COMMENT

One year ago, Meghan posed for a beaming series of pictures. Today, those shots suggest something very worrying about the royal family, writes Daniela Elser.

Former Australian prime minister Julia Gillard has some serious celebrity bonafides. Consider – in 2017 she went to Malawi with her unlikely BFF Rihanna. Then last year, on International Women's Day (which is March 8 just in case it's not circled on your calendar) she spent it chatting to none other than Meghan, Duchess of Sussex.

They, along with Annie Lennox and supermodel Adwoa Aboah took to the stage in London for high-powered, wonderfully glamorous and headline-making panel discussion where Meghan told the crowd that when it came to "our little bump" she could "feel the embryonic kick of feminism".

Meghan, Duchess of Sussex, was positively glowing as she shared the stage with Julia Gillard. Photo / Getty
Meghan, Duchess of Sussex, was positively glowing as she shared the stage with Julia Gillard. Photo / Getty

Looking back on shots from that event, the then-seven-months pregnant royal glowed. Sure it might be a cliche but Meghan looked bloody good while she was expecting. More than that, she looked happy.

And why shouldn't she be? She had a dishy husband, a baby on the way and the sort of global platform that even Oprah must be jealous of (that and she had acquired in-laws with a jewellery vault that would make Cinderella quiver with jealousy).

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The day after that IWD powwow, Meghan and husband Harry stepped out for the Commonwealth Day Service at Westminster Abbey. This is a red letter day on royal calendars, given the Queen's long-held devotion to the far flung nations that make up her dominion.

Prince Charles and wife Camilla were there, along with William and Kate, the Duke and Duchess of Cambridge, and Harry and Meghan.

This was royalty doing what it does best – turning up in four-figure ensembles and putting on a heartwarming display of family unity while they pretend not to be bored stiff by a lengthy service.

Prince Harry and Meghan, the Duchess of Sussex leave after the Commonwealth Service at Westminster Abbey in London on March 11 last year. Photo / AP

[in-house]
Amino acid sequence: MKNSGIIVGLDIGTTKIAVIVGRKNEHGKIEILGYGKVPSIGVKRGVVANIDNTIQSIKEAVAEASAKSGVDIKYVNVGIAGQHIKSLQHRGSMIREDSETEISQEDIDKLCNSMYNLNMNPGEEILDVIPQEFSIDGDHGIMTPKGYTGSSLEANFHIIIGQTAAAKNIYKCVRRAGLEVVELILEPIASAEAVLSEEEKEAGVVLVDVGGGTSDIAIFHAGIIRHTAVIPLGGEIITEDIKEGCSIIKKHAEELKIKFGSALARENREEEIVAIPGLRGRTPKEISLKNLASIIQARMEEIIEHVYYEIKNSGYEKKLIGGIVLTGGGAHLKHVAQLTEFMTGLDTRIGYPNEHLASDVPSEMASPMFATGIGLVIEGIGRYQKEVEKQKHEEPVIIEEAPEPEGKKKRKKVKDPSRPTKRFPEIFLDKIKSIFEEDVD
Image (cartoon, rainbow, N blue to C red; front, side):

Prince Harry and Meghan, the Duchess of Sussex leave after the Commonwealth Service at Westminster Abbey in London on March 11 last year. Photo / AP

That said, Harry and Meghan seem to know how to entertain themselves – during the 2018 service they were caught on camera seemingly giggling during former One Direction singer-songwriter Liam Payne's rendition of Waiting on the World to Change.

Only a year on and that inner glow is long gone.

Tomorrow Harry and Meghan will hit the red carpet for the Endeavour Awards, their first joint official engagement since their bombshell resignation in January. While we can expect smiles from the couple, there can be no denying the prevailing sadness of the past few months.

So much has changed since last year's IWD outing. The Sussexes have filed a trio of lawsuits; faced a steady drumbeat of negative coverage over such things as their use of private jets despite their stance on climate change; taken part in a soul-baring TV doco that seemingly confirmed that Harry and William are on the outs; and been forced to contend with the controversy over little Archie's birth and his christening.

That's all before we have gotten to the cankerous sore that is Thomas Markle's penchant for giving excoriating interviews about his daughter and son-in-law to anyone wielding a cheque book and a microphone.

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There is something painful about looking at images of Meghan with Julia on IWD or Meghan sharing a joke with Charles at Westminster Abbey.